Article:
Our present is and is not, Plight to the heart spring's perfect imminent Our future's a sealed seed-plot, hour,
And what betwixt them are we? Whose breath shall soothe you like your loved one's hand.
We who say as we go,
Strange to think by the way, Perhaps the divisions between the dif- Whatever there is to know, ferent months may be here somewhat ob.
That shall we know some day. literated ; yet as we read sonnets like this
There is also a very touching lament with their refreshing out-of-door feeling named, “ Alas! so long!” This and we are inclined to say, “O si sic omnia !”
other of these lyrics close with a faintly One word on the lyrics and songs, for breathed hope, so little removed from uneach volume contains a different set of certainty that it does not relieve the opthese. Of the eleven short pieces in the pressivé sadness — the hope that there first volume the last four are all more or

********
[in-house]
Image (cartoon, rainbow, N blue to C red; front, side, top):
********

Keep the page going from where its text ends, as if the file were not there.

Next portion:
may be a meeting hereafter: less simple and intelligible in style, and condense into a few felicitous lines some
Is there a home where heavy earth fleeting mood, or some one thought which,
Melts to bright air that breathes no pain,
Where water leaves no thirst again, coming for a moment, would liave been And springing fire is Love's new birth? lost, bad it not been fixed in words. Such are the songs or poems named, “ The Rossetti does not rank with the poets of Woodspurge," which compresses much denial and decided unbelief; there is in sadness into little space,“ Honeysuckle,” | his poetry a desire, that almost becomes "A Young Fir-wood.” The lines named a hope, for better things. But it is a hope "Sea Limits,” express well the feeling so faint that it seems almost next door to that there is one life pervading all things despair, and is nearly as sad as despair. in some mysterious way.